The Montgomery County Council has the chance to better the County’s future by voting to approve the County Growth Policy
We’ve grown accustomed to the idea that developers are expected to pay a large part of the cost of building schools, based on the eminently reasonable theory that the construction of new housing generates demand for classroom space as families move into the housing, have children, and send them to local schools. If the schools get too crowded, county rules impose a moratorium on the development of new housing until classroom space is made available to “catch up.”
The logic behind this approach appears unassailable. If new housing produces a need for more seats in schools, it follows … Continue reading
In previous posts, I documented six Montgomery County Public Schools (MCPS) clusters at risk of entering a development moratorium due to overcrowding. Enrollment in these clusters grew by 4,157 students between 2011 and 2015, yet only 184 of these students are living in the new multifamily residential buildings and townhomes constructed within the clusters during this period. That statistic means that new development was responsible for only about four percent of enrollment growth in these clusters, while the vast majority of the enrollment growth is coming from neighborhood turnover – that is to say, families with children moving into housing previously occupied by families without children.
I can’t say with certainty why these six clusters have experienced such … Continue reading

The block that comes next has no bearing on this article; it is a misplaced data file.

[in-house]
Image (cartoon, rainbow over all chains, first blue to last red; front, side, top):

When schools are overcrowded, it doesn’t much matter to children (and their parents) whether developers are paying their share of the cost of adding capacity, because kids need space in classrooms (along with gymnasiums and cafeterias) in order to learn and thrive. That’s why the county’s growth rules, known as the Subdivision Staging Policy or SSP, prohibit new residential development in any school cluster where the schools are at 120 percent of capacity.
The “annual school test,” which determines whether a school cluster goes into a residential development moratorium, is applied in July of each year. The impact of a development moratorium is felt as new residential projects in an area are put on hold and, in some cases, … Continue reading
I often hear claims that the school impact tax rates charged to developers are based on faulty assumptions about the number of children who live in new housing units. While no one can predict exactly how many kids will live in a specific dwelling in the future, the methodology used to produce the generation rates used in school impact tax calculations is far more sophisticated and comprehensive than most people realize.
Every other year, Montgomery County Public Schools (MCPS) provides the Planning Department with a dataset that includes the address and grade of every MCPS student (with all other identifying information scrubbed from the dataset). The Planning Department then cross-references this information with parcel data that identifies the type … Continue reading